Bipartisan Coalition Urges FISA Court to Release Opinions
Washington, D.C. – Rep. Justin Amash (R-MI) and fifteen other Members of Congress filed an amicus brief with the Foreign Intelligence Surveillance Court (FISC), urging the court to release its secret opinions interpreting Section 215 of the Patriot Act. Recent leaks to the media revealed that the National Security Agency (NSA) has conducted a massive surveillance program on all domestic telephone users over the last seven years.
“Secret law is anathema to a free country. Congress cannot effectively legislate until it knows what the law is. The American public cannot engage in a meaningful debate about liberty and surveillance until it knows what its government is doing,” said Amash. “We call on the FISA court to release its significant Patriot Act rulings.”
The amicus brief supports the American Civil Liberties Union’s (ACLU’s) motion to release the FISC opinions. The Foreign Intelligence Surveillance Act requires the Attorney General to transmit “significant” opinions to the intelligence and judiciary committees of the House and Senate. Those opinions generally are not released to rank-and-file Members of Congress or the public, as the amicus brief notes.
The amicus brief is available here:
The ACLU’s motion is available here:
Other Members who joined the brief offered additional comments.
Rep. Paul Broun (R-GA): “It is absolutely critical that Congress and all Americans know how the government is interpreting the law–especially when there are so many troubling signs of abuse. This amicus brief presents the simple Constitutional principle that the law and its judicial interpretation must be open to robust debate, not shrouded in secrecy. I urge the FISA Court to reveal their opinions on the meaning, scope, and Constitutionality of Section 215 of the Patriot Act as requested. Only then can we truly work to ensure that our constituents’ Fourth Amendment rights are protected.”
Rep. Tulsi Gabbard (D-HI): “We need to have a vigorous debate and review of our federal government’s surveillance activities, their constitutionality, and impact on our civil liberties. However, without accurate information about these laws and how they’re being executed, a full and robust debate is not possible. Making these FISA court opinions available to all members of Congress will enable us to fulfill our responsibilities in ensuring that government strikes the proper balance between upholding the freedoms we cherish, and securing our nation.”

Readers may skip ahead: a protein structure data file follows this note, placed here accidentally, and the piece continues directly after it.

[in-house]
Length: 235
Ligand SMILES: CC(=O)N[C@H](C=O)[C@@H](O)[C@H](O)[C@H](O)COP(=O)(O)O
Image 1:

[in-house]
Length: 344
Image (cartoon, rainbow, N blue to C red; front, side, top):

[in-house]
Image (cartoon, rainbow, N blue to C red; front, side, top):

Rep. Morgan Griffith (R-VA): “It is difficult to do my job as a Congressman and uphold my oath to defend the Constitution when getting access to the records necessary to do my job requires permission from a select small group of other Congressmen.”
Rep. Rush Holt (D-NJ): “Our argument to the court is simple: secret law and legal opinions are antithetical to Congressional oversight and the democratic process. It is my hope the Court will listen to this bipartisan request that these opinions be made public.”
Rep. Barbara Lee (D-CA): “The right to privacy in this country is non-negotiable. While I believe that national security is essential, we must protect our most basic civil liberties and move forward in a way that does not sacrifice our American values and freedoms. We must ensure that we keep a better balance between our privacy and our national security by re-establishing and strengthening Congress’ vital role of accountability and oversight of this issue.”
Rep. Zoe Lofgren (D-CA): “The Constitution gives Congress the responsibility to craft rules for how the government operates. But Congress is unable to carry out this responsibility to improve the law without adequate insight into how the FISA court is interpreting those rules. The text of the statutes alone are insufficient for Congress and the public to have a meaningful debate on how to balance our surveillance practices with our civil liberties.”
Rep. Beto O’Rourke (D-TX): “Our democracy is based on informed public debate, but most in Congress are shut-out from information regarding the work of the FISA court, making it impossible for us to conduct effective oversight or take the steps needed to protect the civil liberties and constitutional rights of our constituents. We were moved to join this case urging disclosure of FISA court opinions to Congress and the public to guarantee that we can fulfill our duty to enact sound laws and defend the Constitution.”
Rep. Mark Sanford (R-SC): “It is important to better understand how Section 215 of the PATRIOT Act is being implemented and where there is room for improvement. Requiring the FISA courts to make their opinions public could prove an important step toward better protecting America from terrorism without compromising the constitutional rights of its citizens.”